Well, if you read the whole chapter in Deuteronomy you’ll see that he’s talking about the neighboring nations to Israel, their “enemies” who turned their back on God and worshipped idols.

Who is he not talking about?

People who hurt us.

God’s not a mob boss ordering hits.

He’s patient and merciful, to me, to those hurt us, to us all.

And I’m so glad.

I’ve gotten over my hurt (well, mostly), and I no longer wish for revenge.

I had lots of un-Christ-like feelings and reactions, and that wasn’t right.

So you know what is Christ-like?

In his own words:

“Love your enemies, do good to those who hate you, bless those who curse you, pray for those who mistreat you.”

Book Review: The Gospel of Yes


What if we looked at God’s word and the Christian life as a series of yes’s instead of a list of “thou shalt not’s”?

This is the theme Mike Glenn explores in his book The Gospel of Yes.

I received this book for free from WaterBrook Multnomah Publishing Group to review, but the reason I chose this title is because my pastor has preached for years “put your yes on the table,” meaning telling God yes to whatever he has for you instead of limiting God with fear-based no’s. But the book wasn’t really about us saying yes but about God saying yes.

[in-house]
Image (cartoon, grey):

This is a paradigm shift for those of us who grew up with our faith being about all the things we shouldn’t do — what I refer to as the “thou shalt not’s.” It is true that there some things God says no to. Glenn writes,

“God said ‘no’ to sin because it violates his holiness, but wanting us not to break his laws is not his number-one reason for opposing sin. He hates sin because it destroys the people he loves.”

Glenn’s point is that in a way even His “no” to sin can be looked at as a “yes” to something better.

But avoiding sin alone is not enough, is not true Christianity, i.e. following Christ. For one, we can’t avoid sin completely. We are born sinners and we will struggle with sin of all kinds as long as we are on this Earth, in Satan’s lair. So living a faith that’s based on performance of what we don’t do isn’t going to work.

Glenn turns that idea around and looks at the things to which God says “yes” and he finds yes’s in creation, in the cross, and to us.

God is never going to say yes to sin, so this isn’t a book that will leave believers thinking they can do whatever they want in the name of God being a yes-man. But it challenges us to look at God’s word in a new way and explore how God might be trying to give us a “yes.” This book will certainly challenge and expand your thoughts.

A New Church and Thoughts on Church Culture